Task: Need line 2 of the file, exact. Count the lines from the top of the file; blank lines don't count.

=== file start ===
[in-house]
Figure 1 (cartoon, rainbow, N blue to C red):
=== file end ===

Figure 1 (cartoon, rainbow, N blue to C red):